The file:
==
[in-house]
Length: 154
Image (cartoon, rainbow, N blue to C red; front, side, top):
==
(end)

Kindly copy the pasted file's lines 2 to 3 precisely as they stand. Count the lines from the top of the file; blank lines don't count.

Length: 154
Image (cartoon, rainbow, N blue to C red; front, side, top):